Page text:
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The Reference Library
Tom Easton 

The Sunborn, Gregory Benford, Warner, $24.95,
330 pp.
(ISBN: 0446530581).

Gregory Benford’s The Martian Race (reviewed here in March 2000) left Julia and Viktor alone on a Mars made mysterious by underground fungoid life forms. As The Sunborn opens, we see the scene years later, when Earth has sent many more researchers under a corporate aegis more interested in the bottom line than in science. Fleeing a new manager, Viktor and Julia go exploring in a new location, find a rich trove of “Marsmat,” get the notion that it is somehow trying to communicate, and try an impromptu experiment that nearly electrocutes Viktor. Meanwhile, the corporate chieftain’s daughter, Captain Shanna Axelrod, is exploring Pluto, discovering unexpected warmth fueled by ion currents from beyond, finding life plagued by robotic “Darksiders,” and establishing communication with the aid of a computerized translator (known as Wiseguy).

So Axelrod sends a fast fusion-drive ship to Mars to pick up Julia and Viktor and haul them out to Pluto to help. Not that Shanna really thinks she needs help. She’s proud and prickly, not on terribly good terms with Dear Old Dad, and more than a bit jealous of Julia, the “Queen of Mars.” But they manage to work together, and when they plunge out past Pluto in search of the source of the ion currents that warm the outermost world and even energize its too-simple ecosystem, they discover a realm of intelligent Beings, some larger than worlds, constructed of plasma and compacted magnetic fields. After a suitable battle, Wiseguy helps with communication and the negotiations begin.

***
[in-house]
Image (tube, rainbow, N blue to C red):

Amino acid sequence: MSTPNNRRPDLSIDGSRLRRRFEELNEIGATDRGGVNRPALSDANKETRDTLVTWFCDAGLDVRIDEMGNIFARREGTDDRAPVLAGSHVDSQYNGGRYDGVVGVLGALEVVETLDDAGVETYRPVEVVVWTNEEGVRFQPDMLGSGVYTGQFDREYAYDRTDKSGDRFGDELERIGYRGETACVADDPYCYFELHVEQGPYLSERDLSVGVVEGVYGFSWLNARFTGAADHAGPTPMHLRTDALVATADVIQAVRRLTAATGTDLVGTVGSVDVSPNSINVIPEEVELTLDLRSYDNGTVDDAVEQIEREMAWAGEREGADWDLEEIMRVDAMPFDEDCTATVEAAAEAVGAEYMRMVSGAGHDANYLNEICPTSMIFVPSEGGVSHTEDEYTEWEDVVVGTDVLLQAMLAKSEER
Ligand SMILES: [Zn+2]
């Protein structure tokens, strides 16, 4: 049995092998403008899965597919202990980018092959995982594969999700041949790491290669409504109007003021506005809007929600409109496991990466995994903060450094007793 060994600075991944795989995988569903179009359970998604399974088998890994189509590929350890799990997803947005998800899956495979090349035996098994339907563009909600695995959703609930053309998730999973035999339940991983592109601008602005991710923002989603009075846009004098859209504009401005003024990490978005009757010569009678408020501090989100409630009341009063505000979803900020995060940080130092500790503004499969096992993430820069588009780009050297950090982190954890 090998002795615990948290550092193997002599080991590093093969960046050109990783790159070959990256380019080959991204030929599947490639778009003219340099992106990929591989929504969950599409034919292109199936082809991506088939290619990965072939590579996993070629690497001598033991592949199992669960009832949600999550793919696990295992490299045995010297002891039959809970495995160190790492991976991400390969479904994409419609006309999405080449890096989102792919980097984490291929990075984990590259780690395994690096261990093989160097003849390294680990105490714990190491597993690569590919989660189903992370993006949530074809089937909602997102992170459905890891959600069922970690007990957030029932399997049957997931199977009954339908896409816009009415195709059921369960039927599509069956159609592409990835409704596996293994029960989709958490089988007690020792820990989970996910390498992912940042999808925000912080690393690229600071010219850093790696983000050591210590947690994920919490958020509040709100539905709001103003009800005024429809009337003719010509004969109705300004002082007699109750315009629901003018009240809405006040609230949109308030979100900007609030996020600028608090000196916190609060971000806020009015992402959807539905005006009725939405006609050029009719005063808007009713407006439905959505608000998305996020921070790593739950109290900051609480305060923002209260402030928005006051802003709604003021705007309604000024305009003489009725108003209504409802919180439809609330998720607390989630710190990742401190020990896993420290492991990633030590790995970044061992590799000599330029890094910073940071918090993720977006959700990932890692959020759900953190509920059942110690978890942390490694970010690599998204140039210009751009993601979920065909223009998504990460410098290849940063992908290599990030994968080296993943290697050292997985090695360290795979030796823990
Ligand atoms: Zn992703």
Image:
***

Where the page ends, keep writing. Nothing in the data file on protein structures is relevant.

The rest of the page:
Earth is concerned that the heliopause is moving in toward the inner worlds, bringing with it a flood of interstellar hydrogen that threatens drastic effects on Earth’s climate and livability. Can the Beings help? Well, why should they? What can such tiny, cold things as humans offer them? Some Beings are curious about the inner worlds; they have even done interesting experiments. Some want nothing to do with them and even think humanity should be destroyed; they know how to throw rocks. But Julia is an insightful woman . . .

Benford has constructed a fascinating vision of the depths of space, populating it with aliens as interesting and as vital as his human characters, who suffer a bit because most of the time his focus is more on the vision than on the people. All in all, The Sunborn is excellent fare for hard SF fans, Benford fans, and all who want to know what happened to Julia and Viktor.


The Unhandsome Prince,
John Moore, Ace,
266 pp.
(ISBN: 0441012876).

Every genre has its comedians. In SF&F, prominent names in recent years have been Robert Asprin, Terry Pratchett, and now John Moore. None are really slapstick enough to call them “The Three Stooges of SF&F,” but they definitely display a gift for comedy.

Moore’s maiden effort was Heroics for Beginners (reviewed here in December 2004), in which he played fun games with the Evil Overlord Manual. Now he brings us The Unhandsome Prince, which begins with Caroline, the most beautiful girl in the Kingdom of Melinower, industriously kissing every frog in the local swamp.